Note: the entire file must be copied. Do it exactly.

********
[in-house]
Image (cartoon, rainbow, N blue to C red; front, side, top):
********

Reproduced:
[in-house]
Image (cartoon, rainbow, N blue to C red; front, side, top):